Captain William Reeve Haselden, New Zealand Naval Artillery, now on the Wellington District staff is an officer well-known in both Islands of New Zealand. He was born in London in 1849, and came out to Auckland with his parents per ship “Mermaid” in 1860. Educated in Auckland under private tuition, he joined the Civil Service in 1866, and two years later he was appointed Deputy Registrar of the Supreme Court at Hokitika. In 1872 he was admitted a barrister, and at once began the practice of his profession in Reefton and Westport, taking up his residence in the latter town. Here he filled many important offices. He was a Borough Councillor, a County Councillor, and was elected to the office of Mayor no fewer than five times. It was at Westport that Captain Haselden was appointed to his present military office, having taken a great interest in Volunteering for many years. In Masonry Mr. Haselden has held important offices also, among others that of Worshipful Master in both the Thistle and Phœnix Lodges. For many years, too, he was Chairman of the School Committee. In his profession he made rapid strides, and soon rose to the position of Crown Prosecutor for Westland North. In 1889 Mr. Haseldon removed to Wellington and entered into partnership with Mr. John Thompson. The partnership, however, did not last long, and since then Mr. Haselden has been on his own account. He has now a considerable practice and makes a special study of patent work. The picture given herewith shows Mr. Haselden in his professional robes. Hitherto he has taken no prominent part in colonial politics. He was, however, President of the Wellington Liberal Association, and is looked upon as a possible candidate on the Liberal side. In literary matters Mr. Haselden has done a fair amount of work. Besides contributions and articles for the press, he is the author of “The New Zealand Justice of the Peace,” “How to patent an Invention,” “Protection and Freetrade,” &c., &c., and he gained the gold medal offered by the Government in 1885 for an essay on Colonial Industries.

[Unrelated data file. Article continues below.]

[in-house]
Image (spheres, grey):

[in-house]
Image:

Captain W. R. Haselden.